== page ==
MISA is proud to present its Transparency assessment report for the year 2020.
This year’s Transparency Assessment research comes at a time when the world at large is under lockdown restrictions due to the COVID-19 pandemic. Inevitably, this has had an effect on the right of access to information in the country.
At this time, it is especially crucial that all citizens in the country have easy access to information about the pandemic. It is against this backdrop that MISA Zimbabwe filed a court application compelling the Zimbabwean government to regularly provide information on COVID-19 in all of the country’s 16 official languages. In April 2020, the High Court ruled in favour of MISA Zimbabwe. As a result, the government (through the Ministry of Information) now provides daily updates on the pandemic.
However, access to information remains a challenge, especially during the lockdown as citizens have been restricted from physically visiting many public offices. They have therefore been forced to rely on information available through online platforms, and this is difficult for citizens who do not have access to the internet.
This situation has been exacerbated by the increasingly high costs of data. Econet Wireless, Zimbabwe’s largest mobile network operator, hiked its data and SMS tariffs by approximately 21% in March 2020. A daily bundle data service now costs US$11 for 40 MegaBytes (MB), while the highest package on offer, 1,200 MB, will now set their customers back US$150.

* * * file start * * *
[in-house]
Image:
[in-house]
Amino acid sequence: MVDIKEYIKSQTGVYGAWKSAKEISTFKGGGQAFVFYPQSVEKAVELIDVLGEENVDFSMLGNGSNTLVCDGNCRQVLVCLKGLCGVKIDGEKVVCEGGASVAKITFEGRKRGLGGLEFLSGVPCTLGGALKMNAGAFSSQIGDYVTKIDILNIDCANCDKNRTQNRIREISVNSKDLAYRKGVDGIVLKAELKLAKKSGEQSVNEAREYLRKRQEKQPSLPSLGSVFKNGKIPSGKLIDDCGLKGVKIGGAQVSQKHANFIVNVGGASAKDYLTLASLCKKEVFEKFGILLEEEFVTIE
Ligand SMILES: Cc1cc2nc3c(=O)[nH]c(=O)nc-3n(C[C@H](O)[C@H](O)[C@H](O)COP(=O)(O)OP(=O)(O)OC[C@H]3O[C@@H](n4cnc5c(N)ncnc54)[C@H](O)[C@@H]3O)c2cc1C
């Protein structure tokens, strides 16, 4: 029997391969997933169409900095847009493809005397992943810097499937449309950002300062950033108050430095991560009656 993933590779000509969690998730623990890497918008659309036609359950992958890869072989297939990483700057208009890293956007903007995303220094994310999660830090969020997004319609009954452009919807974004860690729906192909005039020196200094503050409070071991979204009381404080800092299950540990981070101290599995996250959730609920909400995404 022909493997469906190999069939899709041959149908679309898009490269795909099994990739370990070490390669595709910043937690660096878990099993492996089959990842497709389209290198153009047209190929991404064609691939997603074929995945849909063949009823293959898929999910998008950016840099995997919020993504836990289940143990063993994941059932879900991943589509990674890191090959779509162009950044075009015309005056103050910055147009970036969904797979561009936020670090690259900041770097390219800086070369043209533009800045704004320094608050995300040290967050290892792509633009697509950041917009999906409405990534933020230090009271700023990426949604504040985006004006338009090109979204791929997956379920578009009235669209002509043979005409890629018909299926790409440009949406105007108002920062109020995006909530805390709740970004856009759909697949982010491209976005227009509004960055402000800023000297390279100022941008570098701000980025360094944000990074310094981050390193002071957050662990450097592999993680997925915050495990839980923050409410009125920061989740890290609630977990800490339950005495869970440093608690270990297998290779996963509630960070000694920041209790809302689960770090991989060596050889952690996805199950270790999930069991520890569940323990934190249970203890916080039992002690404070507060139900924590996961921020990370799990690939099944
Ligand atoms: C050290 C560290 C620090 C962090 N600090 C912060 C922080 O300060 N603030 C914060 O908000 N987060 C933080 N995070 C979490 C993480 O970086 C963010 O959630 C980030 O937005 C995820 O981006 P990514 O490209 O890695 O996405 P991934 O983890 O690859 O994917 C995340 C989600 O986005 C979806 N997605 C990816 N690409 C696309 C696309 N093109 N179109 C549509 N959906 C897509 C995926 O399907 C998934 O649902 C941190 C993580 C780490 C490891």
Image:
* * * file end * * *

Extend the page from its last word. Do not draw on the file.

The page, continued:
In August 2020, at the time of writing this report, Zimbabweans were experiencing socio-economic hardships with inflation pegged at more than 700% and unemployment at more than 90%. This poses the greatest challenge to the right of access to information.
The adverse economy has not spared media organisations which, with the added burden of COVID-19, are facing sustainability issues. Some organisations have reported dwindling advertising revenue. Although most media houses also publish online E-papers, access is restricted due to high data costs. This further undermines citizens’ rights of access to information as they prioritise catering for their basic needs over information.
These developments come at the time of gazetting the Cybersecurity and Data Protection Bill. Many people view this bill as being strong on mass surveillance of citizens as opposed to balancing the need for cybersecurity with the enjoyment of fundamental freedoms as provided in the country’s constitution, the African Declaration on Internet Rights and Freedoms, and African Charter on Human and Peoples’ Rights declaration on Freedom of Expression and Access to Information.
This year’s Transparency Assessment research was also conducted at a time when government officials made chilling threats against what they termed ‘social media abuse’, as well as intimidations that people, including journalists, could be arrested for freely expressing themselves on social media. Lieutenant-General Edzai Chimonyo, Zimbabwe’s National Army Commander, said the military would put social media under surveillance.
The military also issued threats against online media publications. This may lead to self-censorship and affect access to information.